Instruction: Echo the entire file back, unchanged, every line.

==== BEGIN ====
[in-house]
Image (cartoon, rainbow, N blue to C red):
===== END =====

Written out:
[in-house]
Image (cartoon, rainbow, N blue to C red):